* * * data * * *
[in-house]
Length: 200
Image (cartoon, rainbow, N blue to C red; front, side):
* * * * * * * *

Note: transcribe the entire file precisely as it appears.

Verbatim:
[in-house]
Length: 200
Image (cartoon, rainbow, N blue to C red; front, side):